Ever wondered about the origins of these fluffy fluorescent spheres that we love to thwack to ’n’ fro across strung-up fishing nets? Behold the back story of these bouncy balls…
Tennis has its origins in 12th century France after the aristocracy – presumably weary with all the crusading, conquests and chivalry – noticed how much fun young clergymen were having slapping round things about their stone monasteries and wanted in on the action. The game eventually evolved into a kingly diversion now termed Real Tennis (yup, sorry to inform you that means this plebian pursuit called the Australian Open is actually fake tennis, and didn’t catch on until the 1870s).
Around 1480, the evil French despot Louis XI decreed that tennis balls could no longer be stuffed with sand, chalk, sawdust or dirt, and instead, were to be constructed of quality leather stuffed with wool (look, the dude had a well-earned rep for sinister plots and intrigues, but he was also a bit of a tennis buff). And sure enough, as you do when your supreme monarch has a penchant for beheadings and uncomfortably spiky dungeon implements, the umpires of the day saw the wisdom in allowing the trend to catch on. Soon other balls began to be made using wool-wrapped sheep stomachs bound tightly with rope (now you know why your dog instinctively loves them so much). And given ol’ Louis was a cranky sort, no doubt a few of his enemies’ internal organs found their way inside his playthings so he could belt them about for fun, too.
However, by the 16th century and Henry VIII’s reign (yes, the English started copying the French, can you believe it?), new ball designs were made from a mixture of human hair and putty, while later on in the 1700s, the balls were put together using a cork nucleus around which small strips of wool were wound, followed by lots of string and eventually sewn over with a white cloth. This style remains utilised in Real Tennis to this day.
Fast forward to the mid-to-late 19th century. Lawn tennis became hip amongstBritain’s gentry, helped along by Charles Goodyear’s invention and eventual patent in 1844 of vulcanised rubber (no, nothing to do with Leonard “Spock” Nimoy). By then, balls were red or grey and uncovered, until a Pommy barrister called John Moyer Heathcore (one of the founding rule-makers of lawn tennis) suggested covering the rubber balls with flannel.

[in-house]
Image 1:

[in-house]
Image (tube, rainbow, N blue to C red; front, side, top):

By the 1920s, tennis balls become pressurised and covered with felt to optimise their aerodynamics. As a result, so they didn’t lose their bounce, they had to be stored in hermetically sealed cans or tubes. Indeed, bounciness is tested – the International Tennis Federation has strict codes that any ball dropped from a height of 254 cm onto concrete must bounce back between 135 cm and 147 cm, and must be tested under a uniform temperature of 20°C, 60 per cent humidity and atmospheric pressure of 102 kPa. Likewise, a tennis ball’s diameter must be between 65.41 mm and 68.58 mm and weigh between 56 g and 59.4 g. Lastly, since 1972 and the advent of colour TV, ‘optic yellow’ became the standard colour for all tennis balls so as to increase their visibility for spectators. Prior to that, all balls had been white.
As for why you like to open a new tin of tennis balls and smell them- not sure why(admit it, we all do!), well, scientists are still trying to work that weird phenomenon out.